Silicon Valley has brought us computer hardware and software that has changed our lives, social media companies that help us to connect, and wearable gadgetry to improve our workouts, if not help us keep time, and now, a product to disrupt dental care: a luxury gel toothpaste called Livionex.
Livionex Inc., a health care start-up focused on biofilms and inflammation, has worked for 12 years with researchers at the University of Texas, Galveston and University of California at Irvine to come up with a substance — activated edathamil — that breaks up the plaque biofilm on teeth, making it harder for plaque to stick to the teeth, even at the gum line and in hard-to-reach places between the teeth.
Plaque buildup can lead to gingivitis or periodontitis, which has been linked to cardiac disease, arthritis and diabetes. Activated edathamil, according to a statement by the company, is not abrasive, detergent or antimicrobial.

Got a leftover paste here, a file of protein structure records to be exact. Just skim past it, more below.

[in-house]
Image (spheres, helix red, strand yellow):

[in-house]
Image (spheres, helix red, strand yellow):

The company recently released results of a double-blind clinical trial study on reduction of plaque, gingivitis and gum bleeding. It was conducted at the Beckman Laser Institute of UC Irvine and compared Livionex Dental Gel to Colgate Total, the leading American Dental Association and Food and Drug Administration approved anti-plaque, anti-gingivitis toothpaste.
The results were impressive: A a 260 percent reduction in plaque index, a 229 percent reduction in gingivitis index and a 232 percent reduction in gum bleeding index as compared to Colgate Total. The results were recently published in the journal Lasers in Surgery and Medicine.
If this is not the sort of thing that makes you jump for joy, be assured that dentists around the nation — maybe even yours — are taking note.
Dental pharmacologist Dr. Peter Jacobson said in a statement provided by the company that a product that improves the effectiveness of tooth-brushing to the degree found in the study “is not only a breakthrough, but can be categorized as a disruptive innovation with major public health implications. It redefines what toothpaste and oral hygiene are all about.”
Livionex’s chief executive officer, Amit Goswamy, a Stanford Business School alum, said the results of the study “validates our 10 years of research and development. The Livionex team is excited that the dental gel will pave the way to combat America’s silent epidemic of gingivitis and periodontitis.”